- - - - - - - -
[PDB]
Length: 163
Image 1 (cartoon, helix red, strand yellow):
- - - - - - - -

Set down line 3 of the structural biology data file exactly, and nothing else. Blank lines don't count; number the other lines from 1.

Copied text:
Image 1 (cartoon, helix red, strand yellow):